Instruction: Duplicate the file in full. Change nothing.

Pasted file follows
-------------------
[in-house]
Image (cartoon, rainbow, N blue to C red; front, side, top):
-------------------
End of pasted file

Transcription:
[in-house]
Image (cartoon, rainbow, N blue to C red; front, side, top):